Q-PCR (quantitative real-time PCR)

Two-step Q-PCR was performed to validate the relative expression of genes, using the primer sequences outlined in Table 2. For each sample, 2 μg of total RNA was reverse transcribed to synthesize first strand cDNA using SuperScript II RT enzyme and random primers. The resulting cDNA was diluted, and in combination with 500 nM of each primer, iQ™ SYBR green supermix (Bio-Rad Laboratories) and DNA Engine Opticon® 2 Real-Time PCR Detection System (MJ Research), used for transcript quantification. The PCR reaction had an initial denaturation of 5 min at 95 °C, followed by 40 cycles consisting of 20 s at 94 °C, 20 s at 55 °C and 30 s at 72 °C. The reactions were carried out in triplicate and the specificity of the primers was verified by melting curve analysis. RNA levels were normalized to β-glucuronidase (Gusb) and expression levels were compared with those of wild-type mice.

View this table:
Table 2 Primers for assessing real-time PCR

Primers designed for determining real-time PCR of each mRNA examined are shown.

Western blotting

Protein extracts prepared from liver of Trsp, ΔTrsp, A34, G37L and G37H mice were electrophoresed on 10% polyacrylamide gels, transferred on to PVDF membranes and immunoblotted with antibodies against GSTA (1:10000 dilution), GSTM (1:10000 dilution), EPHX1 (1:10000 dilution), HMOX1 (1:500 dilution), AOX1 (1:250 dilution) and β-actin (1:1000 dilution). Anti-goat HRP-conjugated secondary antibody (1:40000) was used for GSTA, GSTM, EPHX1 and β-actin, whereas anti-rabbit HRP-conjugated secondary antibody (1:25000) was used for HMOX1, and anti-mouse HRP-conjugated secondary antibody (1:30000) was used for AOX1. Following the attachment of the secondary antibody, membranes were washed with TBS (Tris-buffered saline, 20 mM Tris/HCl, pH 7.5 and 150 mM NaCl) containing 0.1% Tween 20, incubated in SuperSignal West Dura Extended Duration Substrate and exposed to X-ray film.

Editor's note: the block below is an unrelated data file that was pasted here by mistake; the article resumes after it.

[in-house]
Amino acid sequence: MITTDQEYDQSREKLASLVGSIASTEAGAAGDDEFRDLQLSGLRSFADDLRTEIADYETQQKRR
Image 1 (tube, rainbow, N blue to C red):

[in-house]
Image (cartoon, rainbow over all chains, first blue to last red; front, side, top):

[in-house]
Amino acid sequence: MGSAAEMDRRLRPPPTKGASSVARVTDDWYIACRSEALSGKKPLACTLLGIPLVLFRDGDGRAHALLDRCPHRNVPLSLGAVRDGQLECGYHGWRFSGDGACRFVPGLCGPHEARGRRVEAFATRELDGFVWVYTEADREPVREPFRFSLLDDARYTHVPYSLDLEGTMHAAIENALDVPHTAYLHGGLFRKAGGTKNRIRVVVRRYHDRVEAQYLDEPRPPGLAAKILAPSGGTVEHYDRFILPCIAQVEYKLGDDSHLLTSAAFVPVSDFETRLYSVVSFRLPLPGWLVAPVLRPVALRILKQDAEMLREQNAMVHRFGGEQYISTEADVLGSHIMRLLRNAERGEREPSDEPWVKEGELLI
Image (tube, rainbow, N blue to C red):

Gene expression profile in liver of ΔTrsp mice